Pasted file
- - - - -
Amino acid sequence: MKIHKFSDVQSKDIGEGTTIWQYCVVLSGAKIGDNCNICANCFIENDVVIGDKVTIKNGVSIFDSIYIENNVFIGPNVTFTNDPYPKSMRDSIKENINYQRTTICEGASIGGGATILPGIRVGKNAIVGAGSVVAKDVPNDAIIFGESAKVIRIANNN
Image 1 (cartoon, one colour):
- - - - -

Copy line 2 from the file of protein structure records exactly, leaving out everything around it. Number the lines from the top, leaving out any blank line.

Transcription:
Image 1 (cartoon, one colour):